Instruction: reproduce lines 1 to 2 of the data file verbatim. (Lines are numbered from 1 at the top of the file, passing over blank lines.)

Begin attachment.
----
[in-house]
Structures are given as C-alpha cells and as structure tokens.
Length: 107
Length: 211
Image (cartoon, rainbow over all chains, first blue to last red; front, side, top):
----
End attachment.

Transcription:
[in-house]
Structures are given as C-alpha cells and as structure tokens.